Take a virtual trip to see the blooming Sakura in Japan this Spring
The pinkish, sometimes white Sakura blossoms embody Japanese philosophies of Wabi-Sabi and even Shinto ideas of impermanence, hope and renewal.
One of the most prolific seasons of Japan, Spring comes bearing the Cherry Blossom, also known as Sakura in Japanese. These pinkish, sometimes white flowers embody Japanese philosophies of Wabi-Sabi and even Shinto ideas of impermanence, hope and renewal.
Widely accepted as one of Japan’s most iconic natural symbols, Sakura blossoms are truly believed to be the nature’s best expression of glory, art and simplicity. As the Japanese ideology of beauty unfolds, it’s made clear that less is more. Especially as the Sakura are only in full bloom for around a week each year, this furthermore adds to their magic and aura.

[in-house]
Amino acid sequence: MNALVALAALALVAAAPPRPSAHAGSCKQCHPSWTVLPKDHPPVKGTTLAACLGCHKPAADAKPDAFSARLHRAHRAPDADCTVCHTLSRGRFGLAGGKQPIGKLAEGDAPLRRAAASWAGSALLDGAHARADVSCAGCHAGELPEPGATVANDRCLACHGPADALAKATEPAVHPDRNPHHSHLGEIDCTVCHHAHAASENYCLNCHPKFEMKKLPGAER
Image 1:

Across the diverse landscape of Japan from the Hokkaido’s snow-capped mountains, to the beaches of Okinawa, the splendid Sakura moment occurs anywhere between March to July. A notable time of the year when tourists flock to the capital for a glimpse of this spellbinding. The locals in Tokyo and across Japan celebrate this joyful time traditionally like its been observed since centuries from under a Sakura tree in a garden. An enchanting experience these days is the flower-viewing Sakura garden parties also known as Hanami in Japanese.
Given the cultural significance of the Sakura, there are countless events, festivals and even catered tours during this period centred around the blooming Sakura. Celebrated across Japanese literature, poetry and art - Sakura carries layered meanings, metaphorically used to analyse the ephemeral beauty of the living, Sakura, the undeniable Japanese cultural hallmark.